The best WordPress plugins

On Christmas day, I gave thanks for the four top technology solutions that impacted my life in 2006. First on my list was WordPress, which is as far as I’m concerned the best personal publishing platform. The beauty of WordPress is that it’s almost infinitely extensible through plugins. If there’s a feature that’s not standard in WordPress, chances are someone’s written a plugin that fills that need. Here are the plugins I found most useful during this past year, listed in alphabetical order:

  • Akismet: hands down, the best anti-spam plugin there is. I wish Akismet made junk email filters as well. When coupled with manual approval of new comments, virtually nothing gets by it. It filters out 99.9% of the spam comments, and leaves a few in the moderation queue for me to check. Since I started ComeAcross in April of 2006, it’s filtered out almost 17,000 spam comments. None of those reached the blog. Only meaningful comments written by real people made it to the live site — and that’s a beautiful thing.
  • FeedBurner Feed Replacement: it allows me to present the FeedBurner feed for ComeAcross as the standard feed that gets shown to browsers and feed readers when they visit my site. That means people don’t subscribe to the real site feed, which might change, but to the FeedBurner feed, which stays the same and is enriched with all sorts of goodies.
  • Filosofo Home-Page Control: lets me set a particular page as the home page, and also to separate the blog to a subdirectory, even if it’s at the root level. At first, you don’t get the point, until you realize you can use WordPress to run a regular site by creating pages, then add a blog to a subdirectory later and specify that subdirectory through this plugin. In other words, you run the site pages at http://www.example.com and the blog at http://www.example.com/blog. Really, really nice.
  • Google Sitemaps: I get my lion’s share of traffic from Google, and I’m truly grateful for that. My content gets ranked toward the top in Google search results on many topics. It goes to show that quality content will make it to the top no matter if it’s produced by one person or many people. So anything that will tell the good folks at Google when I publish or change my content is at the top of my list. Imagine my joy when I found that someone put together a beauty of a plugin for WordPress that creates a Google Sitemap of all my site content and pings Google whenever I add or change that content! I was ecstatic, and I still am!
  • inlineRSS: this little plugin allows inline display of RSS feeds from virtually any source. I actually used it to display my del.icio.us bookmarks for a while, but it works with YouTube feeds as well. It won’t display photos or videos (although if you’re brave, you can tweak the XSLT file for those purposes), but if you’re just looking for a simple list of links to your latest and greatest feed items, it’ll do the trick just fine.
  • No Ping Wait: boy, oh boy did I need this plugin after I started using WordPress seriously! Because I set up WordPress to ping several services when I published a new post, the publishing process became unmanageably slow. Any hiccups in reaching a service would cause a delay when saving a post, and possibly bring everything to a stop. Well, that was no way to run a site! With this plugin, pinging is delegated to a separate process and whether it fails or not, it doesn’t affect the publishing of content. After a quick and painless install, my site ran smoothly once more, and I was grateful for it!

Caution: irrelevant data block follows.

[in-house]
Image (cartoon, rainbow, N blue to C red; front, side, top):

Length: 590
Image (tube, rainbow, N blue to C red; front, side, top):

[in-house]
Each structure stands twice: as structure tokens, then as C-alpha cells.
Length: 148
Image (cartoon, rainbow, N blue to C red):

• WordPress Database Backup: talk about a lifesaver! Yes, this plugin, along with Akismet, ships packaged in with WordPress, but even if it didn’t, I’d download it and install it in a heartbeat! It backs up the site database (where all of the posts, pages and comments are stored), compresses it, and either puts it in a backup directory on the server, lets you download it to your computer, or emails it to you! How cool is that! That means you and I can do periodic backups of the site, and restore from them in case anything should happen. I absolutely love it!
  • WP-Contact Form: this plugin lets you easily add a contact form to your WordPress site. Just create a contact page, paste the snippet of code that calls up the contact form code, and you’re set: you get instant functionality that your site visitors will love!
  • WPVideo: I’ve saved the best for last! This is, hands down, no contest, the easiest video plugin for WordPress! It should be packaged together with WordPress and shipped out as a standard config, that’s how easy it is to use! After it’s installed, you just tag any YouTube, Google Video or MetaCafe video link with a simple snippet, and that’s all you need do! The video automatically displays, and you can configure the display of additional data such as video title, duration, and even a download link. I’ve seen some video plugins for WordPress require you to paste special codes from the video URLs, or to use arcane tags and make ridiculous changes to core WordPress template files, but not WPVideo! No, this is the easiest video plugin for WordPress, I guarantee it!

Well, there you have it, folks! If you use WordPress and you don’t already use these plugins, by all means, give them a try, they’ll make your life a whole lot easier! As for me, by way of this post, I’m sending a big, hearty Thank You and Happy New Year to the developers who worked on these plugins. May you wonderful people have a blessed year ahead! I can’t thank you enough for your work! Oh, and if I haven’t mentioned other WordPress plugins that are doing wonders for people, I apologize. Here’s a list of all of the WP plugins. Take your pick!